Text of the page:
Archive for the ‘Uncategorized’ Category
This post is courtesy of the Time Global Health Blog where they point out that it is about time we have some focus on solutions. Of course we whole heartedly agree that we need to start documenting these projects and sharing ideas:
From VOA: “A new report finds the health of people in Africa is worse than in any other part of the world. But, the report by the World Health Organization also presents a number of success stories that show Africa can tackle its own health problems. This report, for the first time, focuses on the health of the 738 million people living in 46 countries in the African region.” Read the rest of the story at VOA and you can view the full WHO report on their website.
Today Business Week profiled the Acumen Fund and their focus on developing country solutions. The Acumen Fund (based in New York City) is an interesting organization, they are “a non-profit global venture fund that uses entrepreneurial approaches to solve the problems of global poverty”.
Below an advisor to the Acumen Fund says that the charitable money is there, but the solutions are not. I would have to disagree with such a stark statement. The money making solutions may not be there, but the solutions to some major global health problems are certainly there. Not every solution will be sustainable on its own, there are some problems that will need to be funded outright until a particular problem is eradicated or alleviated. I definitely applaud Acumen’s overall approach and their ability to raise capital make a robust attempt to find innovative projects, but let’s be clear about what type of solutions they are pursing – those with a financial return on investment. This is a great thing, but it is a mistake to send the message that solutions are not there. I highly recommend you read this article.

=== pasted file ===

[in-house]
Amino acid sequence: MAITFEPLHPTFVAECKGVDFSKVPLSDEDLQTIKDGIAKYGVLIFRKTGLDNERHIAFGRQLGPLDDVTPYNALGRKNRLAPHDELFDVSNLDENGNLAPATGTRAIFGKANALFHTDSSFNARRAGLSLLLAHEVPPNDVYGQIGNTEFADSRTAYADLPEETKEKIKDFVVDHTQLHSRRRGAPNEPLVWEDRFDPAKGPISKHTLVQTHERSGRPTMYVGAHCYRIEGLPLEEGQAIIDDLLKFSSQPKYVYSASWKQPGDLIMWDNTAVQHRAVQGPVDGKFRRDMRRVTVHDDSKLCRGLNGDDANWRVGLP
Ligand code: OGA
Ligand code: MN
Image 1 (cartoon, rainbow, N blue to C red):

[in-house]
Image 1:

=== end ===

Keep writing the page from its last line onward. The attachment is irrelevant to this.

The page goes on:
From Business Week, November 10, 2006:
By Jessi Hempel: “Acumen is a leader in the fast-emerging hybrid sector that straddles private industry and nonprofits. Technically a nonprofit, it invests in enterprises in developing countries with the strategy and discipline of a Silicon Valley venture-capital firm. Acumen’s founder is Jacqueline Novogratz, a former banker with an infectious magnetism…Under her leadership, the fund manages $20 million in investments that fall within three portfolios: health, water, and housing. But Acumen’s goal is far larger than successful companies. Says Novogratz: “We’re creating an overall design for how you provide goods and services to poor people.”
“There’s growing interest among investors eager to fund for-profit businesses that have both social and economic impact. Rather, there’s a paucity of creative ideas. “It’s all about innovation,” says CEO Tim Brown of Ideo, who advises Acumen. “The money is there, but the solutions aren’t.”
“Acumen uses classic consumer-focused design methods to solve the problems of poverty…Acumen’s portfolio companies create from the bottom up…”Start with the individual,” says Novogratz. “Build systems from their perspective. Really pay attention, and then see if they can scale.” Plenty of nonprofits have embraced the term “venture philanthropy” in recent years. But while most aspire to new forms of grantmaking, Acumen eschews giving money away. Instead, it buys equity in companies and offers them loans. It made a $600,000 investment in WaterHealth International, which will help the startup expand its franchise model for delivering safe, affordable water to Indian customers.” FULL STORY.
From the Business Week article here are couple of more excerpts from their photo essay on the A to Z anti-malarial bed net solution, the full slide show is availabe at the beginning of the article:
Acumen’s most successful company to date is A to Z bednet factory in Tanzania, which makes inexpensive mosquito nets that protect people from malaria. This fall, A to Z will make its final payment on a $325 million loan. Acumen’s investment allowed A to Z to introduce a new kind of anti-malarial bed net that originated from Japanese company Sumitomo Chemical. This net is impregnated with a long-lasting insecticide that lasts for up to five years. A to Z also has found a cheaper way to weave the bed net. This will bring down the cost of production to $5 from $7.